As the green shoots of recovery surface, business confidence is on the rise. Yet the HR function remains under pressure to demonstrate value to the C-suite. Neglecting the importance of experienced HR staff could be fatal for a business looking to win the ‘war for talent’ and develop its next generation of leaders.  

The evolving range of technology at HR’s disposal could be the key to overcoming this challenge. Too much focus on technology can be a mistake when it comes to talent management. Firms must find a healthy balance between technology and a human touch. There are five key things firms must consider to strike the right balance.

1.Turn to the cloud

Using cloud-based systems represents an opportunity to slash costs by lifting the burden of IT maintenance. Moving to the cloud means increased efficiency for HR teams. They can focus less on administrative tasks and spend more time on the value-add activities. These benefits are amplified through self-service systems. These systems enable staff to take ownership of processes such as logging absences and managing shift changes without needing input from HR.

2.Embrace the power of data

The HR function generates more data than any other business area. From payroll through to employee surveys, there is huge potential for this data to inform decision making. Analytics tools are increasingly taking the strain away. They enable HR to demonstrate value by offering insights to the C-level on everything revolving around people – one of the biggest investments any organisation makes.

3.Engage employees

Successful talent management strategies should encompass the entire employment lifecycle and measure engagement along the way. This is particularly important in a complex set of employee needs and expectations. Technology can bring together information such as performance reviews and employee absence data. Analytics can subsequently present insights which can boost engagement.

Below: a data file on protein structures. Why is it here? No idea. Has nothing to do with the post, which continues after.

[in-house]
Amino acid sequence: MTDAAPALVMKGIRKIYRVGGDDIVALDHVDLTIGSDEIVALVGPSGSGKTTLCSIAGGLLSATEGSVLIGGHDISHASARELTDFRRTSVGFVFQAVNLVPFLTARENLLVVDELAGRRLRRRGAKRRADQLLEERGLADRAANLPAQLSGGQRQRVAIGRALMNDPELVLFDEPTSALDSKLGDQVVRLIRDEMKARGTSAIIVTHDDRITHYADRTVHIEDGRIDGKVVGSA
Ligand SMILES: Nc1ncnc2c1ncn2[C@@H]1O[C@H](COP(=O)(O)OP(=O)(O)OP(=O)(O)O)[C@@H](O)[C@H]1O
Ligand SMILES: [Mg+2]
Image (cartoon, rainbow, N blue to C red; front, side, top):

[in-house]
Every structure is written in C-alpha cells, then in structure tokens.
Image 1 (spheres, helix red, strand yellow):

4.Select the right technology

The growing role technology is playing in our lives has resulted in higher expectations when it comes the workplace. It is vital to select a system that is user friendly and ideally includes self-service. The technology must also be able to draw from a consolidated data set if it is to inform HR decisions and have a genuine impact on talent management and business growth. Lastly, it’s important to be confident in the choice of technology partner. Firms should look for a track record of successful implementations.

5.Strike a balance

Technology has a huge role to play in HR if used appropriately. In the coming years HR professionals will be expected to be more numerate and willing to incorporate a greater emphasis on data-based insights. By using technology, firms can empower the HR function. It can enable HR directors to elevate their role from a process function to a catalyst for change. With a human touch they can identify new talent sources to support growth and provide business value by acting as an adviser.

Iain Moffat, Director of Product Strategy, MidlandHR